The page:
A relationship takes a lot of work. After the initial phase of firecrackers wear off, a relationship becomes a journey of two people. Relationship demands a lot of understanding and communication from both ends to make it work. Conflicts are also a part of relationship. Contrary to what we believe, conflicts are actually healthy as they help in opening up perspectives and changes in the other person and let us understand them better. Agreeing to disagree and yet being together captures the beauty of a relationship perfectly. A relationship, also often, goes through stress situations which become challenges for the people involved in it. It is in those times, that the skill of learning to navigate through it all comes handy and helps in making two people stick together, no matter what.
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Addressing the invisible stressors of a relationship, Family and Marriage Therapist Elizabeth Earnshaw wrote, “Have the quiet stressors in your life make a little more noise. Carrying the remembering, researching, worrying, and delegating in your mind can be exhausting work. This work exists in your lives no matter what. There will always be something to remember, learn more about, and remind other people to do. However, when we don’t take on this mental work fairly resentment builds. To reduce resentment, we need to look at the work going on in our minds as being as time consuming and as exhausting (maybe even more so) than the more visible physical labor happening in our lives.”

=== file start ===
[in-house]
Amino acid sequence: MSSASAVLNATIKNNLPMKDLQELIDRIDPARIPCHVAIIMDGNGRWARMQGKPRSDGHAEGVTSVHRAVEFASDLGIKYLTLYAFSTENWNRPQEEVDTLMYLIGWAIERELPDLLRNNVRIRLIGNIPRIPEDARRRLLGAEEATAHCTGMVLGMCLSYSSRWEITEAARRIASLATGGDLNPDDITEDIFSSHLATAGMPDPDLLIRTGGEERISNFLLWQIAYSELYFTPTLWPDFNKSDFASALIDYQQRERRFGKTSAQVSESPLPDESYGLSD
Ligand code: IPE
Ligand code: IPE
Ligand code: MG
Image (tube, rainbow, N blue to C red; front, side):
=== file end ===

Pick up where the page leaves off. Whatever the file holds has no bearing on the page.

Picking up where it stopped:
Remembering: Remembering to do the smallest of activities in the daily life can be exhausting sometimes, and often we end up forgetting them.
Researching: From how to pay the taxes to how to navigate a stressful situation with parents, researching and learning things that are new can take up a lot of our time and mind space.
Worrying: Stressing over things that we need to do in order to have a good time later, is a difficult part in relationship.
Delegating: Diving the work between the people involved and asking them to do it equally and fairly can be a healthy approach to navigate a stress situation.